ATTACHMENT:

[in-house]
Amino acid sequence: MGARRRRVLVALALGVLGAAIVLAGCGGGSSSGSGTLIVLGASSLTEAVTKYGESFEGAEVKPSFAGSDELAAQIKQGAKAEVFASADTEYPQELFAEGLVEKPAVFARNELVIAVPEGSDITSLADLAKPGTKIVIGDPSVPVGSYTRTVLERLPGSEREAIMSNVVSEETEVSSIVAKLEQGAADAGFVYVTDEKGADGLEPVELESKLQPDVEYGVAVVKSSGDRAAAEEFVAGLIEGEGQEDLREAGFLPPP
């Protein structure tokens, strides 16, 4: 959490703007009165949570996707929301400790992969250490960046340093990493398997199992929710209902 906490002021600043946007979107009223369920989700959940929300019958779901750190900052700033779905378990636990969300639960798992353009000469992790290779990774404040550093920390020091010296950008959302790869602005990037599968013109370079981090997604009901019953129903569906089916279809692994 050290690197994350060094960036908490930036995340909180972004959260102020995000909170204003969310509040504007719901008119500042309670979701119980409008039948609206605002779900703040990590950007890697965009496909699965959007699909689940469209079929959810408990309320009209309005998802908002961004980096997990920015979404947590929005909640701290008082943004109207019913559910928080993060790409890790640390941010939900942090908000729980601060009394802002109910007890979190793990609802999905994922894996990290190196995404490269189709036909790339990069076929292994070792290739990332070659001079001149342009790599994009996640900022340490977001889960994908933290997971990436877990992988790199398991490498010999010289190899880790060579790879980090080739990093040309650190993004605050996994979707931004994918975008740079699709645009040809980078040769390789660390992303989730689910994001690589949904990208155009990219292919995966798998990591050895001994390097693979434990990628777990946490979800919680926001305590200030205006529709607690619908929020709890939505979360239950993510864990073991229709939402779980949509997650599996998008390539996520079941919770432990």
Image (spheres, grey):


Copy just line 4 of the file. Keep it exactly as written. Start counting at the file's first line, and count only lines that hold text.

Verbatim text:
Image (spheres, grey):